King Eyo Honesty II also abolished some Efik practices such as human sacrifices and the killing of twins during festivities which he referred to as “fool things” though he never converted to Christianity himself.

‘Nobody should feel pained’ - says proud descendants of King Eyo Honesty II, a big-time African slave trader in the 1800s
Tomb of King Eyo Honesty II,Photo: Nairaland Forum

The Creek people, by virtue of King Eyo’s dealings with the Europeans, were the first Nigerians to be educated. Western education came to them through missionary schools which still have entrenched roots among the people of Creek Town.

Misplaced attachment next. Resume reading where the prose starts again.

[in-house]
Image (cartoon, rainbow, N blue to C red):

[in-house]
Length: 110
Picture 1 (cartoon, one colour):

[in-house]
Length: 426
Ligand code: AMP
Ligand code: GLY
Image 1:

The mission schools and the Presbyterian churches still have their buildings in the town, Elder Okon Eyo Nsa, a community leader and descendant of King Honesty highlighted.   

The volume of trade from Africa from 1690-1807 was huge. King Eyo Honesty’s Creek Town played a pivotal role during the slave trade. In the Bight of Biafra which comprised the Old Calabar, about 76,400 slaves were taken through Creek Town, Calabar, to the new world, representing 30.1% of the entire trade.

‘Nobody should feel pained’ - says proud descendants of King Eyo Honesty II, a big-time African slave trader in the 1800s
Old Calabar with King Eyo Hoesty’s Canoe and H.M.S Rattler, Photo: Visualising Abolition

Nearing his death, Eyo kept up with his reformative ideals and asserted that no one should be killed during his funeral when he dies as was custom to the Efik people. It is said that he died in 1858 after he had an evening meal with his brothers.

Last Edited by:Mildred Europa Taylor Updated: September 24, 2019